Secondly, the WDC would need to have been over before the final race if it wasn’t for double points. If that doesn’t happen, it won’t have made any difference and therefore, was irrelevant and can’t be considered a success or a faliure.

      Thirdly, the final race has to be exciting. If someone winning a mind-blowing race at Brazil would have won them the WDC but instead, it gets carried over to Abu Dhabi where the championship is won by a retirement or a dull lights to flag win, you’ve robbed F1 of an amazing moment and have replaced it will a dull, boring one.

      In effect, the only way for this to be successful is if it extends the title to the final race but doesn’t effect who wins it and if Abu Dhabi provides a better race then where the title would have been won without double points.

  13. petebaldwin (@petebaldwin) said on 13th March 2014, 13:11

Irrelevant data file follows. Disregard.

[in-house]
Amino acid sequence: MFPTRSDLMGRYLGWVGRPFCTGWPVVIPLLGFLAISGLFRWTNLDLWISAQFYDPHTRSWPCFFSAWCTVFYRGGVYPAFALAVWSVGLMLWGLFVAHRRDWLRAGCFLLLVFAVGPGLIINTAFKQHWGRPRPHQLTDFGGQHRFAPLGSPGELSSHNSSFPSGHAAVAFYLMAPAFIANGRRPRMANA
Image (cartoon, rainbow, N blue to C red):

Interesting story on another site – apparently a lot of the teams are planning on not running in FP3 because they won’t have a chance to fix any issues in the 2 hours they have before Q1.

    • HoHum (@hohum) said on 13th March 2014, 13:40

      That’l drive Bernie up the wall, and unfortunately I can see why that will be very bad for F1, if that practice session has been sold to TV stations around the world and no car runs, that could be the end of televised practice in a lot of markets. I’m torn between the schadenfreude of Bernie and Jean screwing up again so visibly because they don’t take the time to think things through from the participants and fans viewpoint, and the worry that there will be less, not more F1 TV coverage in future. @petebaldwin

      • petebaldwin (@petebaldwin) said on 13th March 2014, 14:41

        @hohum – I know what you mean… I suppose the easy solution is to push FP3 an hour earlier and Q1 an hour later so the teams have 4 hours to work on the car between sessions.

        Personally, the best thing for the sport would be wholesale changes in the way the FIA work and for Bernie to leave for good so publicly screwing up in this way can only be a good thing (if it happens)!